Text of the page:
Review: The Assassin Game by Kirsty McKay

July 21, 2017 Reviews 0

Review: The Assassin Game by Kirsty McKayThe Assassin Game by Kirsty McKay
Published by Sourcebooks Fire on August 2, 2016
Genres: Mystery, YA, YA Thriller
Pages: 336
Format: Paperback
Source: Bought
Goodreads
DNF
Who will be left after lights out?

Tag, you’re it…

It’s 4:00 a.m. when they come for me. I am already awake, strung out on the fear that they will come, and the fear that they won’t. When I finally hear the click of the latch on the dormitory door, I have only a second to brace myself before—

At Cate's isolated boarding school, Killer is more than a game—it’s an elite secret society. Members must avoid being “Killed” during a series of thrilling pranks, and only the Game Master knows who the “Killer” is. When Cate’s finally invited to join the Assassins’ Guild, she know it’s her ticket to finally feeling like she belongs.

But when the game becomes all too real, the school threatens to shut it down. Cate will do anything to keep playing and save the Guild. But can she find the real assassin before she’s the next target?

Since I started letting my little TBR Jar decide what I read back in early 2016, I’ve gotten hilariously, terrifyingly behind on my review copies. I feel less stressed about reading in general because it’s technically out of my hands, but that’s been replaced by the lesser stress of OH GOD, I HAVE 80+ REVIEW COPIES UNREAD AND MOST OF THEM HAVE ALREADY BEEN PUBLISHED.

The Assassin Game here? Yeah, it’s one of the victims. It was published close to a year ago and I felt so guilty for being behind on it that I actually bought a finished copy of it. If I can’t be on time with the review, I can at least give them my money, you know?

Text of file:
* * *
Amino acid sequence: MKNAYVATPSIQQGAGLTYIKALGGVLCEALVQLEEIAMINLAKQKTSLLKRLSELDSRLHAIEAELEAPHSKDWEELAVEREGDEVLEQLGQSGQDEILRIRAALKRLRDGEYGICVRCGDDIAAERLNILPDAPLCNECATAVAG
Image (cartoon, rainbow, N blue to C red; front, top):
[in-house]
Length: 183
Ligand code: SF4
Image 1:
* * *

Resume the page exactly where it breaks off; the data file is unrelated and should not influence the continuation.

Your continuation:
But The Assassin Game is bad. Badly written, throws around microaggressions with aplomb, and simply not fun. Read more »

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Review: Keeping the Beat by Marie Powell and Jeff Norton

July 17, 2017 Diversity 1, Reviews 0 ★★

Review: Keeping the Beat by Marie Powell and Jeff NortonKeeping the Beat by Jeff Norton, Marie Powell
Published by KCP Loft on April 4, 2017
Genres: YA, YA Contemporary
Pages: 372
Format: ARC
Source: YA Books Central
Goodreads
two-stars
Fame. Love. Friends. Pick any two.

It was supposed to be the best summer of her life. Instead, seventeen-year-old Lucy finds her best friend, Harper, shot dead in an LA swimming pool. How did things go so wrong? Their band, Crush, was once the top prospect to win an international talent contest. But things fell apart when Lucy discovered Harper’s real reasons for starting a band — which had nothing to do with music. Meanwhile, her other bandmates are throwing themselves into sex, drugs and rock and roll. Can Lucy get the rest of the girls to play to her beat?

One-part wish fulfillment, one-part cautionary tale, readers will be thrilled to go behind the scenes of “reality” TV.

Diversity Rating: 1 – Tokenism

Racial-Ethnic: 1 (a single Mexican man who’s hired help in a Hollywood exec’s household)
QUILTBAG: 0
Disability: 1 (Robyn gets addicted to drugs)
Intersectionality: 0

Once a sucker for books about average kids ascending to superstardom, always a sucker for books about average kids ascending to superstardom. They can be cliche, but they can be a lot of fun if they embrace their natures or at least put a twist or two on things. Keeping the Beat initially left a positive impression on me when I first finished reading it. Thinking on it now, however, I’m less impressed with its story. Read more »

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Review: The Geek’s Guide to Unrequited Love by Sarvenaz Tash

July 14, 2017 Diversity 2, Reviews 0 ★★★★

Review: The Geek’s Guide to Unrequited Love by Sarvenaz TashThe Geek's Guide to Unrequited Love by Sarvenaz Tash
Published by Simon and Schuster BFYR on June 14, 2016
Genres: YA, YA Contemporary
Pages: 256
Format: Hardcover
Source: Library
Goodreads